Five Ways That Every One Of Us Should Be Preparing for Marriage
As I’ve said recently (here and here), the American church often has difficulty incorporating single adults into the life of the church. So much of the church’s language toward single people implies that the only task they have is to prepare for marriage. And that’s true, but not in the sense that most people think.
Single Christians are preparing for marriage—but marriage to God, not to another person. Seen from this perspective, in fact, we’re all preparing for marriage. Some of us won’t experience marriage on this earth. But that doesn’t mean singles miss marriage completely. No, they will simply skip the shadow of earthly marriage and go straight to the substance of the heavenly marriage with Jesus Christ.
The ironic thing about preparing for marriage to Christ is that if and when you do find your spouse, you’ll be ready for them. Far too often we obsess about finding the right person, when Scripture counsels us to become the right person. As Andy Stanley says it, “Are you the person that the person you’re looking for…is looking for?”
Practically speaking, what does this kind of “ultimate marriage preparation” look like?
1. Break bad habits (and start good ones).
Don’t think that on your wedding day you’ll suddenly be able to promise your way into a host of new habits. The best predictor of future behavior is past behavior. As I’ve heard it said, promises are no substitute for preparation.
So let Christ break you of your bad habits now. Stop looking at porn. Quit obsessing about your image. Decide that you aren’t going to go further into debt—and start paying that debt off.
And let Christ cultivate new, godly habits. Start serving in the church. Learn to be a giver. Pick your Bible up off the shelf and actually read it, consistently. Find out where your church is involved in missions and join in. You want this to characterize your life. So start today.
2. Get into real community.
Join the church and get involved with a small group. And don’t just use the church as a potential dating pool. Look to the church for real community. It’s good to find a spouse, but it’s better to find true friends, people who can join with you as you engage in God’s mission together. Friendship matters far more than we realize: both because you were made for it, and because it makes you.
(If you’re in the Raleigh-Durham area, one of many ways you can get involved in this sort of community is through Christ-Centered Fellowship, a single adult fellowship for those in their 30s and 40s. They host fellowship events—dinners, game nights, ski trips—and also meet together for times of Bible-based teaching and discussion. Best of all, CCF brings together singles from multiple churches in the Triangle. So you can connect with other single adults while helping to strengthen the connection between gospel-centered churches in our community.)
3. Establish your career and your ministry.
When I was in high school, I read Proverbs 24:27 in my quiet time: “Put your outdoor work in order and get your fields ready; after that, build your house.” I went to my dad and asked what that meant. His response? “It means, ‘Get a job. Then girls will find you attractive.’”
He was right. Guys, you’ve got to get your act together before you invite someone else into your mess. If you don’t have a job and you still live in your parents’ basement, you’ve got no business dating. But more than that, you should be pursuing God’s will for your life now, instead of hoping that you’ll figure it out eventually. It doesn’t much matter if you say you can provide and you say you’d like to know God’s will for your life. It matters if you’re acting on that.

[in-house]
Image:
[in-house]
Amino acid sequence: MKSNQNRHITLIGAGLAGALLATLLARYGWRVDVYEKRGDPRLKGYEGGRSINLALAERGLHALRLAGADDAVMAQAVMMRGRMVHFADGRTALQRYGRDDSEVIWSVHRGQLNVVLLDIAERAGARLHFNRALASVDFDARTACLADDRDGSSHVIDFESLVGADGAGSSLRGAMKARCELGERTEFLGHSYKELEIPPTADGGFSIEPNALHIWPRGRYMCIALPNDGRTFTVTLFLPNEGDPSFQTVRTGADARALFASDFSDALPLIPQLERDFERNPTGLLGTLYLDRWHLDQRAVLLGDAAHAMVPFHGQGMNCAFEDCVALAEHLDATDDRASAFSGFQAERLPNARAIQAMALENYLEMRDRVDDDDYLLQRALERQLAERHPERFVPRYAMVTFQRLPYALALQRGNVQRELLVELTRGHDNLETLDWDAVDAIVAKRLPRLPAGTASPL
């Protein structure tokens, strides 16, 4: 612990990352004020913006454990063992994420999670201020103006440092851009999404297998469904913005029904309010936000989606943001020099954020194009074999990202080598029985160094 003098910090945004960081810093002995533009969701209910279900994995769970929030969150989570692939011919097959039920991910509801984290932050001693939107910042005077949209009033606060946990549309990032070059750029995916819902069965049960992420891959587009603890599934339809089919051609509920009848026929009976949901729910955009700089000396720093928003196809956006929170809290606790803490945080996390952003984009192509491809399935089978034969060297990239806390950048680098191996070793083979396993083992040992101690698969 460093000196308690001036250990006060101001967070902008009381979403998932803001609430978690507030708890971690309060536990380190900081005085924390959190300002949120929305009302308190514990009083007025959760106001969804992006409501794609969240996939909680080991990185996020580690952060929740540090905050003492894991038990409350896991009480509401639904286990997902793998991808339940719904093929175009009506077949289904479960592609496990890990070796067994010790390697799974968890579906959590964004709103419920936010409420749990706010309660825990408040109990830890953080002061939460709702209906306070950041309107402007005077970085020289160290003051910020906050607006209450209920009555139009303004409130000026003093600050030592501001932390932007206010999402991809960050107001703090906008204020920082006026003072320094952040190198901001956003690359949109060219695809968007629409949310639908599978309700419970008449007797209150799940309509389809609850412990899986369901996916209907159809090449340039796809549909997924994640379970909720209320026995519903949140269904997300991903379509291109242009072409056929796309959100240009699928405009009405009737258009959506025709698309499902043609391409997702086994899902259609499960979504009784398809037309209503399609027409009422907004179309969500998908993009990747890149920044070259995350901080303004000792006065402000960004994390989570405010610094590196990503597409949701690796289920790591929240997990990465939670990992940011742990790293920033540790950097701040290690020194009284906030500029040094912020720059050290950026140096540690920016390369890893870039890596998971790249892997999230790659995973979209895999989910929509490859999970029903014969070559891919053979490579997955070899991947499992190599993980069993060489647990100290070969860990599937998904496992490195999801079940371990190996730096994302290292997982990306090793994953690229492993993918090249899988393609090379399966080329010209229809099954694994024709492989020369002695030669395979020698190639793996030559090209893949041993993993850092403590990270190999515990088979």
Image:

4. Decide now the kind of person you are going to date.
It’s far too late in the game to wait until a dating opportunity arises to ask what kind of person you would or would not date. So decide in advance that you will wait for the man or woman that is God’s gift to you. This means, at the very least, that if you are a Christian, you should not date a non-Christian, unless your faith—and the faith of your kids—doesn’t really matter to you.
And don’t try to justify it by saying (as I’ve heard so many times), “Well, he is a Christian; he’s just fallen out of church.” Can I tell you what is going to happen? The person you’re dating will start coming to church, and you’ll think that things are really changing. But they’re just trying to win you over, and when the dating stage is over, they’ll stop. I’ve seen it more times than I can count, and it would be laughable if it weren’t so tragic. Let me be blunt: you would be better off dating an honest pagan than a hypocritical Christian.
5. Cultivate gospel character.
I often chuckle when I go to weddings and hear them read the “classic love passage,” 1 Corinthians 13. What Paul has to say about love, of course, is extremely relevant in marriage. But the context of that chapter isn’t romance: it’s the local church. He’s talking about virtues that we all need to master and live out in the church—your ultimate, forever family.
Love is patient and kind. Gospel-centered love puts other people first, anticipating their needs and serving them, even when they disappoint you. Love keeps no record of wrongs, meaning we forgive quickly and refuse to hold grudges. Love doesn’t boast and isn’t proud, which means we approach others with humility instead of assuming life is about us. And love never gives up. This sounds sweet, but it’s not easy. When people fail us and hurt us, we want to shut them out. But love endures.
None of this is possible on our own power. Thankfully, we aren’t left alone. 1 Corinthians 13 gospel love isn’t an abstraction; it’s a Person. And as we grow closer to that person, to Christ our Bridegroom, we’ll grow in our love for one another.
For more, be sure to listen to the entire message here.